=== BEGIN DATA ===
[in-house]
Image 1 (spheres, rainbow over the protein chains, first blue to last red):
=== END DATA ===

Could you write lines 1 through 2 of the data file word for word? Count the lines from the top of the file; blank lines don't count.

[in-house]
Image 1 (spheres, rainbow over the protein chains, first blue to last red):